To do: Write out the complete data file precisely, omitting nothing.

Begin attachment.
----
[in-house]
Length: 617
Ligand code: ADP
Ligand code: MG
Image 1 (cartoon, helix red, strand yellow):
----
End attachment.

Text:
[in-house]
Length: 617
Ligand code: ADP
Ligand code: MG
Image 1 (cartoon, helix red, strand yellow):